Support World Elder Abuse Awareness Day

“Older people are an essential strand in the fabric of our society. It’s time for us to acknowledge their importance and recognise they are entitled to the respect of their communities and especially their families,” says Jenny Blakey, Manager of Seniors Rights Victoria. She makes a very valid point when she states “Just as respectful relationships within families help prevent family violence, respect for older family members is a primary protection against elder abuse.” Today 15th June is World Elder Abuse Awareness Day (WEAAD). This day was first recognised by the United Nations in 2011, as a day of international opposition to the abuse of older generations.


Elder abuse is defined by the World Health Organisation as “a single or repeated act, or lack of appropriate action, occurring within any relationship where there is an expectation of trust which causes harm or distress to an older person.” Financial abuse is the most common, although other types of abuse include physical, social, psychological or sexual. Unfortunately, many cases are not reported and the abuse almost always occurs out of sight of others. In my role as a Placement Specialist for aged care accommodation I sometimes see evidence of abuse and have, at times, helped clients who are recovering from financial abuse.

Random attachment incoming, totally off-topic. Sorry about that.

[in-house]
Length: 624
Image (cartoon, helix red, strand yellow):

Abuse is hard to spot, but some of the signs to look out for include fearfulness, anxiety, or isolation on the part of the older person, or unexplained injuries and absence of personal care. Seniors Rights Victoria advises to also watch out for disappearing possessions, unexplained or frequent changes to a will or property title, and unexplained bank transactions or withdrawals as these may be signs of financial abuse. If I suspect abuse of any kind, I firstly make sure I have all the facts, then I contact Seniors Rights Victoria who provide advice on the best way to proceed.

Enquiry Into Elder Abuse Recommendations for Aged Care

The Australian Law Reform Commission on the Enquiry into Elder Abuse with regard to Aged Care found that two of the areas highlighted by stakeholders needing improvement were transparency and accountability. As an Aged Care Placement Specialist these recommendations are especially critical to my clients, who are moving into aged care facilities.  The Commission is recommending that aged care providers be required to report certain types of abusive conduct, which become ‘reportable incidents’, to the Aged Care Complaints Commissioner with the Commissioner’s office taking on an oversight and monitoring role of the aged care provider’s response to the incidents of abuse. This complements existing functions of the Aged Care Commissioner and enhances safeguards, improving responses by the aged care providers.